Most of Dr. Weitman's time is spent working with his research team in a laboratory, looking for new agents. The patients he often sees are those who have been termed "end stage." "You never know how well a new treatment is going to work," Dr. Weitman said. "When you're talking to families about a new therapy, the first question is, ‘How many other patients with this type of tumor have you treated with this therapy?' Many times I have to say, ‘None.'

"About 7 percent to 10 percent of patients termed terminal who go into an early clinical trial will actually have a response," added Dr. Weitman. "That's not a big number, but on the other hand, those patients otherwise would have no hope."

Lewis/Sellers/Drake

Currently, there are 75 open drug protocols at the Howard A. Britton, MD, Children's Cancer and Blood Disorders Center at Santa Rosa Children's Hospital, the only Minority-Based Community Clinical Oncology Program for pediatrics in the United States as designated by the National Cancer Institute. John H. Drake, RN, assistant professor of pediatrics, oversees compilation of research data for the numerous treatment plans, along with Valerie D. Sellers, RN, and Margaret C. Lewis, RN, both Health Science Center research nurses. All protocols are subject to review by the Institutional Review Boards of Santa Rosa Hospital and the Health Science Center, a process that requires approximately three months. "Because pediatric cancer is relatively rare," explained Drake, "we may have protocols open that we haven't put anybody on--when a patient does qualify for one, though, there's no waiting."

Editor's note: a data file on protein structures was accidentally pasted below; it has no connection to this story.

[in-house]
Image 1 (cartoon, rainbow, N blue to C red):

Added Sellers, "Since we're the only Phase 1 institution in San Antonio for pediatric patients, we're able to try any new, approved treatment." In Phase 1 trials new agents are given to humans (in the center's case, children) for the first time.

The nursing team collects data on patients who are being treated according to standardized protocols, in an effort to determine the best way to treat children with cancer, explained Anthony J. Infante, MD, PhD, professor and head of the hematology, oncology and immunology division of the department of pediatrics. "There just aren't enough patients with a specific type of cancer at any one location to accumulate enough data or enough statistical power to really make solid conclusions. That's why the Health Science Center participates in the Pediatric Oncology Group (POG)."

Other member institutions of POG also collect such data, and the group meets biannually to discuss optimum treatment options for various types of children's cancers.

Dr. Weitman concluded, "Hopefully, someday we won't have to do development like this and Phase 1 trials, because we'll be at the point where we're curing everyone right at the very start. When a child is first diagnosed, I want to be able to look mom in the eye and tell her we are going to be able to cure her child."


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Arrow Return to index--Fall 1998